Title: Imagining the Future: Science and American Democracy, by Yuval Levin
Completed: March 19, 2012 (#20)
Recommendation: Easily (and lamentably) overlooked in the cacophonous debates over stem cells and rising sea levels, an urbane monograph by the Right’s next Charles Krauthammer
Mr. Levin, the founding editor of National Affairs and a former Bush White House staff member, has delivered a rich analysis of contemporary American political debates over science and technology. Focusing predominantly on the ethics of biotechnology, Imagining the Future distinguishes itself by shedding more light than heat in an area of public discussion that is more frequently characterized by the latter. Readers of both Left and Right will surely benefit from Mr. Levin’s even-handed probing of the weak spots in their respective positions.
Imagining the Future is the sort of book that is so lucidly and concisely written that it requires virtually no gloss on the part of the reviewer. In short, Mr. Levin believes that science is “driven by a profound moral purpose” and that “by presenting itself as morally neutral, science sells itself far short.”
Thus, while politics may stop at the water’s edge, it need not (indeed, should not) stop at the laboratory threshold:
A great deal of science is action, and some of that action (especially when human beings are acted upon) may threaten genuine harm. Politics exists to govern action, and so at times it must govern science. This is not always a controversial point. No one contends that protections of human subjects from violations of their rights in scientific research, for instance, are illegitimate. We argue, rather, about when they are appropriate and to what extent. Because such rules normally exist to serve the cause of safety, they are not deemed to be political or moral strictures on science, but of course that is exactly what they are, and their general acceptance proves the point that the governance of science is sometimes legitimate and necessary.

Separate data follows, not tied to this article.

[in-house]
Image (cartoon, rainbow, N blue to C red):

We all know this to be true, however much we may desire that the scientific search for objective truth be unimpeded by “small-p” politics. Mr. Levin’s insight here is what informs all protestations against the course of technological progress, whether human cloning or the research that paved the way to the Manhattan Project:
‘We have bricks, so let us build a tower,’ we say to one another in the scientific age. This has never been a very good argument for building a tower, but it has always been a hard one to resist. As science becomes able not only to reach into the skies but also to reach into the human genome and the sources of life itself, we are in greater need than ever of the very moral powers that the success of science has made weaker.
Having thus established the case for political engagement in the project of modern science, Mr. Levin turns to the arguments of Left and Right, which for a few centuries now have parted company over a strikingly consistent set of issues. The Left, since its birth in the French Revolution, has been closely associated with the Enlightenment and more broadly science, albeit with a hefty dose of
tree-hugging Romanticism. In science, the Left sees its hopes for the progressive betterment and liberation of mankind and thus it conceives of science in terms of “future innovations.”
By contrast, the Right, as best exemplified by Edmund Burke’s Reflections on the Revolution in France, “thinks in terms of future generations” and is thus prone to greater skepticism as to certain of science’s innovations, particularly where such innovations run afoul of deeply ingrained social or religious taboos.
Myopia with respect to the ethical consequences of technology and a tendency to conflate scientific truth with its own policy preferences are the cardinal sins of the Left (see, e.g., Marx’s “scientific” materialism and certain strains of the environmental movement). For its part, the Right is tempted into intransigent atavism and the idealization of the past (see, e.g., those conservatives who argue that the theory of evolution is simply wrong, rather than the more defensible position that, as a matter of right, parents should have the ability to influence the curriculum taught to their children in public schools). According to Mr. Levin, Burke is the signpost of the via media in his conception of society as “a partnership not only between those who are living, but between those who are living, those who are dead, and those who are to be born.” Our common “natality” is the key to the ethical advancement of science and technology.
Mr. Levin’s digressions on C.P. Snow’s famous “two cultures” thesis on science and the humanities and on the nature of taboos are brilliant, enlightening, and beyond the capability of this reviewer to do justice. The best course is for the curious Reader to pick up a copy in print or on your Kindle and allow Mr. Levin to explain himself directly.
Inasmuch as the success of this site rests entirely on the success of the books reviewed at enlightening, entertaining, or moving the Reader, the proprietor of A Superfluous Man takes seriously his small role as ombudsman to the Reader’s reading life. Mr. Levin has written a book of which you have probably not heard but which nevertheless is well worth your time and energy.